GlaxoSmithKline and Theravance revealed Friday that Breo Ellipta (fluticasone furoate/vilanterol) was associated with significant improvements in lung function in adults with asthma compared to fluticasone furoate alone, meeting the main goal of a late-stage study. "With these additional data we will consider our next steps in relation to an asthma filing in the US," commented Dave Allen, head of GlaxoSmithKline's respiratory therapy area unit.
In the study, 990 patients with moderate to severe persistent asthma were randomised to receive Breo Ellipta at one of two dose strengths or fluticasone furoate alone for 12 weeks. The companies noted that Breo Ellipta at the lower dose strength was associated with significant improvements in 0-24 hour weighted mean FEV1 compared to fluticasone furoate alone, while the higher dose strength of the combination therapy was linked to greater improvements in lung function relative to the lower dose strength.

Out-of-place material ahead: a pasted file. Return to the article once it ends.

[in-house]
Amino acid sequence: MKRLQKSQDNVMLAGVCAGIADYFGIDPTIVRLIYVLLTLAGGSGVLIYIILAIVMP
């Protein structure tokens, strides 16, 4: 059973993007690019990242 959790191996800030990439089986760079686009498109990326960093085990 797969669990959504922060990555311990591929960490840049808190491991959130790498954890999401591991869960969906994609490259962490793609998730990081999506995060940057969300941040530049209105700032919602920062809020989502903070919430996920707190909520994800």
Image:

Breo Ellipta was approved for the treatment of chronic obstructive pulmonary disease (COPD) in the US in May, and the combination therapy was authorised in Europe last month for the treatment of COPD and asthma, where it is marketed under the name Relvar Ellipta. The therapy, which consists of an inhaled corticosteroid combined with a long-acting beta-agonist, and is administered using the Ellipta dry powder inhaler, has also been cleared in Japan, Canada and Mexico.
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